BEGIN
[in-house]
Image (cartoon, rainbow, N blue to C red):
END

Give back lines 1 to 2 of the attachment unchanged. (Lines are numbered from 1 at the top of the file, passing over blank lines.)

[in-house]
Image (cartoon, rainbow, N blue to C red):